Development of acoustically active nanocones using the host-guest interaction as a new histotripsy agent
AuthorRehman, Tanzeel Ur
Yüksel Durmaz, Yasemin
MetadataShow full item record
CitationRehman, T. U., Khirallah, J., Demirel, E., Howell, J., Vlaisavljevich, E. ve Yüksel Durmaz, Y. (2019). Development of acoustically active nanocones using the host-guest ınteraction as a new histotripsy agent. ACS Omega, 4(2), 4176-4184. https://dx.doi.org/10.1021/acsomega.8b02922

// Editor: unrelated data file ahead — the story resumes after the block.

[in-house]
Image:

Histotripsy is a noninvasive and nonthermal ultrasound ablation technique, which mechanically ablates the tissues using very short, focused, high-pressured ultrasound pulses to generate dense cavitating bubble cloud. Histotripsy requires large negative pressures (>= 28 MPa) to generate cavitation in the target tissue, guided by real-time ultrasound imaging guidance. The high cavitation threshold and reliance on real-time image guidance are potential limitations of histotripsy, particularly for the treatment of multifocal or metastatic cancers. To address these potential limitations, we have recently developed nanoparticle-mediated histotripsy (NMH) where perfluorocarbon (PFC)-filled nanodroplets (NDs) with the size of similar to 200 nm were used as cavitation nuclei for histotripsy, as they are able to significantly lower the cavitation threshold. However, although NDs were shown to be an effective histotripsy agent, they pose several issues. Their generation requires multistep synthesis, they lack long-term stability, and determination of PFC concentration in the treatment dose is not possible. In this study, PFC-filled nanocones (NCs) were developed as a new generation of histotripsy agents to address the mentioned limitations of NDs. The developed NCs represent an inclusion complex of methylated beta-cyclodextrin as a water-soluble analog of beta-cyclodextrin and perfluorohexane (PFH) as more effective PFC derivatives for histotripsy. Results showed that NCs are easy to produce, biocompatible, have a size <50 nm, and have a quantitative complexation that allows us to directly calculate the PFH amount in the used NC dose. Results further demonstrated that NCs embedded into tissue-mimicking phantoms generated histotripsy cavitation "bubble clouds" at a significantly lower transducer amplitude compared to control phantoms, demonstrating the ability of NCs to function as effective histotripsy agents for NMH.